Planning matters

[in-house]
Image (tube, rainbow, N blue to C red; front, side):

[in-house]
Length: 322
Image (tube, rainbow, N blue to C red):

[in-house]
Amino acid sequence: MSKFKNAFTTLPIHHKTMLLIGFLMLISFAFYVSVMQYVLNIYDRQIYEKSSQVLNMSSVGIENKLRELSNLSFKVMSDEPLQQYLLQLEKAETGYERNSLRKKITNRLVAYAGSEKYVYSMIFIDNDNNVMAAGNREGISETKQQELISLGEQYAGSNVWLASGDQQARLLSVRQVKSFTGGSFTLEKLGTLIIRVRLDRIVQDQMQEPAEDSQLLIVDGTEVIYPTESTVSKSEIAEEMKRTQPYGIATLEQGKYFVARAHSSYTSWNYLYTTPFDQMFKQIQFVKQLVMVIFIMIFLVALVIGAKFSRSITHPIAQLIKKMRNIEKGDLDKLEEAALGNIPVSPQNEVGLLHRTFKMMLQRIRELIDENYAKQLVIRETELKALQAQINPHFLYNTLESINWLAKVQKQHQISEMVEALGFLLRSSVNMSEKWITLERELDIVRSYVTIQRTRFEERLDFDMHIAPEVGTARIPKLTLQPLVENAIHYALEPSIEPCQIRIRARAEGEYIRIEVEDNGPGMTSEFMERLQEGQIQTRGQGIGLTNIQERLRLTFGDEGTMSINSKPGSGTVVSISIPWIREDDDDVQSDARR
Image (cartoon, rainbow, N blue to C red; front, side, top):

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Campaigning for the London Mayoral election is well under way and it’s fair to say that the issue of housing has never been higher on the candidates’ agenda, as made evident by Labour candidate Sadiq Khan’s description of the mayoral race as a ‘referendum’ on Tory housing policy.The focus on housing is unsurprising given the huge electoral potential it offers, cutting through all demographics and areas of the capital. As electioneering reaches fever pitch, what are the Mayoral candidates’ approaches to solving the housing crisis? Building New Homes Four of the candidates, Zac Goldsmith (Conservative), Sadiq Khan (Labour), Caroline Pidgeon (Liberal Democrats) and Sian Berry (Greens) have each pledged to build 50,000 new homes or more per annum. Concurrently, each has - somewhat predictably - promised to protect the Green Belt from development. As such, there’s been plenty of theoretical discussion about better exploiting publicly-owned brownfield land; Goldsmith and Khan promise to build on Greater London Authority land, and in particular on land in Transport for London’s (TfL) ownership. And Goldsmith has stated he will lobby the Government to release public land and will require public sector bodies to keep a register of the land they own – no great commitment as both are steps the Government is taking anyway. However, the extent to which this brownfield land can help accommodate the ambitious housing targets is questionable; as shown in NLP’s economic outlook, brownfield land doesn’t seem an effective long-term solution to meeting housing need. Another government pledge to support the increase in housing supply relates to its estate regeneration programme. On this, Khan and Goldsmith both state, unsurprisingly, that they will advocate estate regeneration only where there is resident support, while Berry outlines a presumption against estate demolition.An obvious answer to enable more homes to be built is to build higher. However, tall buildings are politically unpopular. Indeed, Pidgeon pledges to introduce special planning guidance for their regulation. Affordable Homes Another key focus is affordable homes.Khan targets 50% of new homes “being genuinely affordable to rent or buy”. He will support councils to enforce new rules to maximise affordable housing in new developments, including through greater transparency around viability assessments. Khan also seeks to double the construction pipeline of housing associations.Goldsmith criticises Khan’s affordable housing target as “impossible to deliver”. He focuses on providing homes for those on “average salaries” and encourages “mixed communities”. Other suggestions include publishing a league table with the affordable housing delivered by developers, and requiring viability assessments to be publically available ahead of planning decisions.Pidgeon pledges to create a ‘People’s Housing Precept’ to fund affordable homes for first time buyers and defines affordable housing as that which does not cost more than a renter’s or buyer’s income can realistically support. Private Renting The candidates’ emphasis on the private rented sector is unsurprising, as ‘Generation Rent’ is typically faced with high and rising rents, insecure tenancies, rogue landlords and poor conditions.Goldsmith states that he would make it compulsory for letting agents to comply with the Mayor’s London Rental Standard, with the requirement to offer tenancies of between three and five years and with future rent increases agreed from the outset. Goldsmith also promises to build houses specifically for rent, and for them to be considered favourably in planning decisions.Khan’s ‘London Living Rent’ will have a regulated rate, based on one-third of average local wages. He proposes to set up a not-for-profit lettings agency, promote landlord licensing schemes to improve standards, and name and shame rogue landlords.Berry offers a unique approach by suggesting a London Renters Union, to help organise tenants to rein in private rents and expose poor letting agents.Finally, Pidgeon would like all London landlords registered, more support for councils to enforce standards and tighter controls on letting agent fees. Londoners First Goldsmith, Khan and Peter Whittle (Ukip) have promised to give Londoners first ‘dibs’ for new homes. This is clearly an easy political win and perhaps reflects the familiar rhetoric of absentee home owners, typically wealthy foreign investors, being blamed for pushing up London property prices.The candidates vary slightly in their definition of a ‘Londoner’ and whether those buying or renting will be prioritised: Goldsmith suggests the first chance to buy new homes should be given to those who have lived or worked in the capital for a minimum of 3 years and who do not already own a home. Khan pledges that Londoners who have been renting for over five years, especially in outer London, will be offered part-buy, part-rent properties built on Mayoral land. He also proposes to give Londoners the first opportunity to buy new homes built on brownfield public land; Whittle will prioritise those who have lived in London for a minimum of 5 years. Planning Unique measures to facilitate and monitor the planning process include Goldsmith’s ‘flying planners’ which would provide expert support to councils, to interrogate major planning applications. Goldsmith also proposes to introduce a traffic light system to track the progress of GLA-referable applications and will hold LPAs that fail to build to account by publishing their planning approval rates.Khan on the other hand will create a new team at City Hall, bringing together housing, planning, funding, and land owners to raise investment and assemble land. He will set clear guidelines on the call-in process and will focus on developments where planning has stalled and opportunities for affordable homes are missed.All the candidates promise to enforce a tougher stance on land banking. Conclusion It is extremely difficult to estimate the likely impact of the plethora of proposed policies[1] as there are many, often competing, issues that the incoming Mayor must attempt to overcome to even come close to delivering some of the promises being made. Nonetheless, the clear focus on housing within all of the Mayoral candidates’ campaigns will be welcomed by many, as it suggests that they at least recognise the widespread barriers many Londoners face when both renting and buying homes in the city. [1] As discussed by NLP’s Joe Sarling in A Tangled Web.